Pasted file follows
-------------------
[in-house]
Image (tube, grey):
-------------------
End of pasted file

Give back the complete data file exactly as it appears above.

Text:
[in-house]
Image (tube, grey):